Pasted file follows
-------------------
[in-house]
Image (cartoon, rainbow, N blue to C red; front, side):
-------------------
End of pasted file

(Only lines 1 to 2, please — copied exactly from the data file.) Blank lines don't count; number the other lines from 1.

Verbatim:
[in-house]
Image (cartoon, rainbow, N blue to C red; front, side):